- Man shot by police ID'd; witness shares his side of story (2/17/17)31
- Settlement reached in accidental shooting case at Kelly High (2/15/17)10
- MSHP: McLendon shot in side; autopsy refutes witness account (2/19/17)23
- Jackson board votes to demolish high school building if bond issue passes (2/15/17)24
- Cape officer shoots man inside a home (2/16/17)7
- Business notebook: Owners ready to roll out the Barrel 131 (2/20/17)4
- Apparent punch at girls basketball game propels lawmaker into action (2/21/17)4
- Former Cape cop indicted on possessing child porn (2/17/17)
- Man dies after being shot by officer; said to have come at cop with knife (2/16/17)29
- Ray's of Kelso to close, then reopen under new ownership (2/16/17)6
Bali bombings suspect not charged
JAKARTA, Indonesia -- Police won't charge militant cleric Abu Bakar Bashir in the 2002 Bali bombings, officials said Wednesday, after Indonesia's constitutional court curbed the use of a tough anti-terror law.
Prosecutors still plan to charge Bashir with heading Jemaah Islamiyah, the al-Qaida linked terror group blamed for Oct. 12, 2002, Bali bombings. The blasts killed 202 people, mostly foreigners.
He also said Bashir would be charged in other crimes, including the deadly bombing of the J.W. Marriott Hotel last year in Jakarta.
It's unclear whether the decision will make it more difficult to secure a conviction against Bashir, who successfully beat terror charges last year. Foreign governments maintain he is a key Southeast Asian dterrorist.
Bashir attorney Wirawan Adnan said the decision was further proof that the case against his client was weak.
"They are trying to find whatever reason they can to keep him in jail," he said. "This is only proves they are doing this because of foreign influence."
Wednesday's announcement is the first sign that the Constitutional Court ruling last Friday on the use of the terror law could hamper efforts to prosecute militants. The court ruled that the law rushed through parliament in the wake of the Oct. 12, 2002 Bali bombings could not be used for crimes committed before its enactment.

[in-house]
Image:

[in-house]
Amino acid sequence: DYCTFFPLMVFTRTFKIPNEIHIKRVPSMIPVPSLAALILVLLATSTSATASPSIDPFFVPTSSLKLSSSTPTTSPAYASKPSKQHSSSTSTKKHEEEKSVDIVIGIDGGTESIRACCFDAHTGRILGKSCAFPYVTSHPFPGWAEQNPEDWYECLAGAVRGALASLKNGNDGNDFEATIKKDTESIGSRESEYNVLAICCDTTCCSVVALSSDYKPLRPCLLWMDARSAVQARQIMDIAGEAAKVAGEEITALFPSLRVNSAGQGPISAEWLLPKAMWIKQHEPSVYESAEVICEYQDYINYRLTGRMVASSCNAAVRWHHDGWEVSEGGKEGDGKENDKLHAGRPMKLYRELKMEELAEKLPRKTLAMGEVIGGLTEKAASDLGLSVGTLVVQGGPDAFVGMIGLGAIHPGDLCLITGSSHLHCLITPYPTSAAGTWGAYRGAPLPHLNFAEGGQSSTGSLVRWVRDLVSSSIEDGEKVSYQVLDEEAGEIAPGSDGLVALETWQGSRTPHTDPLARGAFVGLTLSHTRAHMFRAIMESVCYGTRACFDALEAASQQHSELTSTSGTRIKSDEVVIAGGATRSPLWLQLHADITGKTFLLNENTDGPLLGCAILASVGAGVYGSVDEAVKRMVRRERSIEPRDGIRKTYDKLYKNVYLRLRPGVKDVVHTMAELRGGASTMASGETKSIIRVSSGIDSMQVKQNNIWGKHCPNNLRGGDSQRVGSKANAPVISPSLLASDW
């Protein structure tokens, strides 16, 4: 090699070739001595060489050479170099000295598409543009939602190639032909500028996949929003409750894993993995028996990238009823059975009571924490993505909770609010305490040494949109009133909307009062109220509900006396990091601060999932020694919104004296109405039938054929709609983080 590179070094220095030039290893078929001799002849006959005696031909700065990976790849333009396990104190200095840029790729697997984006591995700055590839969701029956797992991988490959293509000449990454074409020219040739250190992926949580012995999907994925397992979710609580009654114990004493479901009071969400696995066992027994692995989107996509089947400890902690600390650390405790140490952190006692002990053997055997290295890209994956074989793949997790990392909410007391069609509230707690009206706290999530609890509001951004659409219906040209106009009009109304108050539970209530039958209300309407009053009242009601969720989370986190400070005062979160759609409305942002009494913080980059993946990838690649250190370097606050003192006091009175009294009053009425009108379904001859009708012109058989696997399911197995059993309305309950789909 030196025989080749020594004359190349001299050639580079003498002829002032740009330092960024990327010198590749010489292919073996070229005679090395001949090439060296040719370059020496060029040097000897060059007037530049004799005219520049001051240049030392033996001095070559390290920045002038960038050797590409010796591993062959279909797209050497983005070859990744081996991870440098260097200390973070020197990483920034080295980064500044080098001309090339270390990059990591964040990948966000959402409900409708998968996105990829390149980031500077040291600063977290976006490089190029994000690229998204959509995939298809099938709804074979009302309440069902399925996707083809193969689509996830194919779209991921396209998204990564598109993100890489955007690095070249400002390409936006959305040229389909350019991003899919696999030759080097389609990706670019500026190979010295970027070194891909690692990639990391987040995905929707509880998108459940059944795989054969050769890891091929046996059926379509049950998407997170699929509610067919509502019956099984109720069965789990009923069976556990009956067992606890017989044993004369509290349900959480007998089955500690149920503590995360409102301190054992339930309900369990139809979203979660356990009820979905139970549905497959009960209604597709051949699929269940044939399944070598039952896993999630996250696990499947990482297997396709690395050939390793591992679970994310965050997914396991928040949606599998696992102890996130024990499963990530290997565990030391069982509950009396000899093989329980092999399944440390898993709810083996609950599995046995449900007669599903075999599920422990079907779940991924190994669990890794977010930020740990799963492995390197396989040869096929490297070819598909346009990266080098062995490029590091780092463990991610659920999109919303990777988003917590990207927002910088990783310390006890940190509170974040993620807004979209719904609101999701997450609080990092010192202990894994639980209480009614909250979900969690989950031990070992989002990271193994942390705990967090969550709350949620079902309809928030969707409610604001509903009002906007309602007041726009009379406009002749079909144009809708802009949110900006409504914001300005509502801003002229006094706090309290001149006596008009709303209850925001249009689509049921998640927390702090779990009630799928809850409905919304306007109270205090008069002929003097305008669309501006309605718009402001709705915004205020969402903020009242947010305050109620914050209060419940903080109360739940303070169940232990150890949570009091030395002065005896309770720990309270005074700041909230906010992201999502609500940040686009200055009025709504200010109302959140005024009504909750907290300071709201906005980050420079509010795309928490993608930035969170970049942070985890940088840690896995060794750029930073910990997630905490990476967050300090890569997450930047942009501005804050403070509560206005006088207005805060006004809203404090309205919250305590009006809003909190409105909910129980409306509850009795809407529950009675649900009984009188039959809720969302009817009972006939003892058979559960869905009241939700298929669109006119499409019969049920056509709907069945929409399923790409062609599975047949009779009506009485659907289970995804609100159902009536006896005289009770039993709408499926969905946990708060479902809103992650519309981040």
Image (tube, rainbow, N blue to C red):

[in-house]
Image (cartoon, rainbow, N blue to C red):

The decision meant police could no longer use the law to charge Bashir over the Bali blasts -- something they said they had intended to do.
"Our (investigation) into Bashir in connection with the Bali bombing will be dropped," Landung said.
He said police would still use the anti-terror law to try Bashir where it remained valid. He said officers could also use the country's criminal code if needed.
Lawyers for Bashir have demanded he be freed because of Friday's ruling, but authorities said he would remain in jail pending his trial.
Bashir was originally tried last year but a Jakarta court failed to convict him on charges he led Jemaah Islamiyah, which has been blamed for a string of attacks in Southeast Asia. He was instead convicted of immigration violations.
Under pressure from the United States, he was re-arrested after being released in April and has remained in jail ever since.
Before this arrest, U.S. Homeland Security chief Tom Ridge has said Bashir had "intense and deep involvement in the planning and execution of terrorist activities." Australia's foreign minister called Bashir a "loathsome creature" and urged Jakarta not to release him.